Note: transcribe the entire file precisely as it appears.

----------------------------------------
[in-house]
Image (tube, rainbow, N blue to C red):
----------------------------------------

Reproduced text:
[in-house]
Image (tube, rainbow, N blue to C red):